She has always possessed a robust set of vocal cords. When she was in elementary school, and the faculty needed a child to speak loudly enough for a large group to hear, they chose her. She grew up tall and imposing, with a natural-born gravity; after her speech at Greenwood, more than one student said Lonise Bias reminded them of their mothers. Perhaps, she always thought, she would teach someday, but she imagined it would be in Sunday school, not in a place like this, a public school several hundred miles from the suburban Maryland county where her life has played out like a soap opera.

She was working as a customer service manager at a bank back in June 1986 when her eldest son's death became a national headline. If you were alive then, and you cared at all about sports, or about drugs, you most likely remember it well. It was one of those moments -- like JFK, like Martin Luther King Jr., like the space shuttle Challenger earlier that same year -- when we, as a society, stopped and stared collectively into the void and declared that human existence was entirely unjust.

Here, though, is what's weirdest of all about Lonise Bias: She, of all people, does not believe the events of that day were unjust. In fact, she believes the events of that day were unavoidable. She has never allowed herself to project into the future, or to examine the possibilities, the endless permutations of what-ifs that guide the discussion of her son whenever his name arises. For her, there was only this future. For her, there was only this possibility. In the days after her son died, her public demeanor was so stoic and unflinching that she received letters from people declaring her a phony. And she admits that among the other emotions her son's death brought on, it brought relief.

Not long after Len Bias' death, she made a life-changing appearance on a Christian television program, "The 700 Club," in which she explained why. She described the premonitions she'd been having, and the dreams, and the inexplicable emotional breakdowns, and the visions she assumed were coming directly from above, all imbuing her with a heavy and inextricable feeling that her son was not meant to play professional basketball. Her son, who in his senior season at the University of Maryland was widely regarded as the best college basketball player in America, a can't-miss talent with absurd hang time. Her son, who had been drafted with the No. 2 pick by the NBA champion Boston Celtics on June 17, 1986. Her son, who would be described in an autopsy report two days later as a "well-developed young Black male," 6-foot-7, 221½ pounds, otherwise fit and healthy and clean, with the exception of the copious amount of cocaine in his system.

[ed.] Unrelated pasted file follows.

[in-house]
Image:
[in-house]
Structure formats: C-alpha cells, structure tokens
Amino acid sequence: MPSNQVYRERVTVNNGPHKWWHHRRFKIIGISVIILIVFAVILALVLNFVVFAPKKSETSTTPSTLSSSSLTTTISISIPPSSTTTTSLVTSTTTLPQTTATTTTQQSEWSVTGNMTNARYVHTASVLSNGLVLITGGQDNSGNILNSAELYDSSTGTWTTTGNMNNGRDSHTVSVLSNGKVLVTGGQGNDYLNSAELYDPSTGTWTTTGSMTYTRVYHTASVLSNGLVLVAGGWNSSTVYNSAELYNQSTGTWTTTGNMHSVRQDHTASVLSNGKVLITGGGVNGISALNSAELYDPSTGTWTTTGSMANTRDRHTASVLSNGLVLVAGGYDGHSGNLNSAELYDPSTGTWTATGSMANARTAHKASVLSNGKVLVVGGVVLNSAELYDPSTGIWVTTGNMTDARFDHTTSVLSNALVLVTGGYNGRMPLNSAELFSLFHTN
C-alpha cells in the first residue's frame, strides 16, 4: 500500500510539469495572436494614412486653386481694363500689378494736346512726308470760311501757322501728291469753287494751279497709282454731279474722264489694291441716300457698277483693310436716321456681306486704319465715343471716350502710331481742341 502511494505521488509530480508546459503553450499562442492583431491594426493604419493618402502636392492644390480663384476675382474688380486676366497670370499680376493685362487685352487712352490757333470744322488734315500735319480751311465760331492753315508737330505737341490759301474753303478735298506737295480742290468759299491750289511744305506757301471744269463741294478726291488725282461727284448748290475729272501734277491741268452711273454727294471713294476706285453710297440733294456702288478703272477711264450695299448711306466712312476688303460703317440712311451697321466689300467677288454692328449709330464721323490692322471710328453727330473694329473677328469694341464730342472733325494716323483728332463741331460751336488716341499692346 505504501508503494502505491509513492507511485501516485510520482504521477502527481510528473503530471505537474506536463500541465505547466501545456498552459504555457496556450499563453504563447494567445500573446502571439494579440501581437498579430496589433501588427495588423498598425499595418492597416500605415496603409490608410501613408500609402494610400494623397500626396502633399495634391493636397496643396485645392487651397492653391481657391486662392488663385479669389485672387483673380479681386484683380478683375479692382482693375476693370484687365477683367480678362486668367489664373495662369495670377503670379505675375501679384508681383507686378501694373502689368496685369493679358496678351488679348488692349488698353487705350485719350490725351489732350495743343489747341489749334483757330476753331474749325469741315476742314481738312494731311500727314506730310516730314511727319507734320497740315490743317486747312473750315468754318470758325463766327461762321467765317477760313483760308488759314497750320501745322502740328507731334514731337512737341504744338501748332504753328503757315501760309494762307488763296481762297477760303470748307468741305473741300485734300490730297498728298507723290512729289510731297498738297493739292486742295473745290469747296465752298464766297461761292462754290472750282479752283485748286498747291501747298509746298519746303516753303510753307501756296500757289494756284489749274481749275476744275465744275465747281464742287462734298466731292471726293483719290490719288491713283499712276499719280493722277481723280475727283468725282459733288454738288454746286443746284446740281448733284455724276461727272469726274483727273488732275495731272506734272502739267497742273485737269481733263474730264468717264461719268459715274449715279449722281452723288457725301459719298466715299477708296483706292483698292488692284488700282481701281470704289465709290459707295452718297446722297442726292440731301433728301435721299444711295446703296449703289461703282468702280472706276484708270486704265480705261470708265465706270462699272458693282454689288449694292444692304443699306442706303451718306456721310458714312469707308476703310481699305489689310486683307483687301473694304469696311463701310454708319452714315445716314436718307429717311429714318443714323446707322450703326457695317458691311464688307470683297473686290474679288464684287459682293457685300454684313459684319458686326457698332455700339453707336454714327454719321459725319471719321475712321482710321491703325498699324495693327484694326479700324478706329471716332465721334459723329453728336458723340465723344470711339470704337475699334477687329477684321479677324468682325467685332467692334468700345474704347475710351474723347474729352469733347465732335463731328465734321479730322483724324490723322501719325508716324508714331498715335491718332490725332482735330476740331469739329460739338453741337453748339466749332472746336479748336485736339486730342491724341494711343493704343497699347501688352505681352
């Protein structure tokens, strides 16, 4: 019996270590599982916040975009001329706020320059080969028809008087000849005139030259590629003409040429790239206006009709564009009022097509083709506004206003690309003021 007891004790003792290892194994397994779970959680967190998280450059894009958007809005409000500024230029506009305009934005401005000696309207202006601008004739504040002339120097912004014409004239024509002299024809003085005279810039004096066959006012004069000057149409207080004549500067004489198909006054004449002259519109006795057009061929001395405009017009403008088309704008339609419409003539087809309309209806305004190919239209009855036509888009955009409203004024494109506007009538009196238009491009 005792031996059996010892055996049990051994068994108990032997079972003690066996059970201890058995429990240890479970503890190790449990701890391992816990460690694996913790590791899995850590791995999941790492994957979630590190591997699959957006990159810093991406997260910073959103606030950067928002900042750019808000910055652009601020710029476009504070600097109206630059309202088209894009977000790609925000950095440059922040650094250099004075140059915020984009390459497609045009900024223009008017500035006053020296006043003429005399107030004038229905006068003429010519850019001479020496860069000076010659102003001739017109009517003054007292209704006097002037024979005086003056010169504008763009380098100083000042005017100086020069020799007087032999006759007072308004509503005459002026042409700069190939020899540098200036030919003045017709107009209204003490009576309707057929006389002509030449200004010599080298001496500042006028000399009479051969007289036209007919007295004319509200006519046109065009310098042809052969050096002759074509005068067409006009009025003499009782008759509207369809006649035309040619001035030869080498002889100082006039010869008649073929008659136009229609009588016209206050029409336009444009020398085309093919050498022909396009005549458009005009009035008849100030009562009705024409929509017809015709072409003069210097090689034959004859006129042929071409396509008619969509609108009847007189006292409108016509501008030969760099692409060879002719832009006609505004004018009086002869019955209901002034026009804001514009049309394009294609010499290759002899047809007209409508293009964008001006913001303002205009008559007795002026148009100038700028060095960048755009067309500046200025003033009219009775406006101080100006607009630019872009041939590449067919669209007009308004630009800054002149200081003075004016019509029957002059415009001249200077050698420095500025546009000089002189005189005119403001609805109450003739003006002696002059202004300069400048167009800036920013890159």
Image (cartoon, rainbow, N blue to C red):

"I can remember speaking to this woman once before Len died, and she had said, 'Things are going to be so wonderful for you all,'" Lonise Bias says. "And I remember telling her this very clearly. I said, 'It looks like I can go over to that table and pick up whatever's on that table. It looks like I can do it, but there can be something that can stop me from doing it.' So I guess what I'm saying is, while everyone else was cheering, I was still waiting to see if it was going to happen, because ..."

For a moment, she is somewhere else, her gaze fixed on a table a few feet from where she sits in an office adorned with photographs of her posing next to presidents and congressmen as a well-compensated motivational speaker of some renown, as a proud foot soldier in the war on drugs. Twenty-two years have passed, and Len Bias has been dead as long as he was alive. And clouds of doubt and shame and confusion linger, and truthfully, no one wants to talk very much about the long-term meaning of Len Bias except Lonise Bias, who cannot stop talking about it. All because, several years before her sons would come to lie side by side in those two narrow burial plots and several months before her life became altered by grief, the mother had a vision of her eldest son as a martyr.

Read the rest of the story.

This newsletter is a perpetual work in progress. Thoughts? Ideas for future editions? Contact me via twitter or at michaeliweinreb at gmail, or leave a comment below. If you enjoyed this newsletter, please subscribe and/or share it with others.


Share Throwbacks: A Newsletter About Sports History and Culture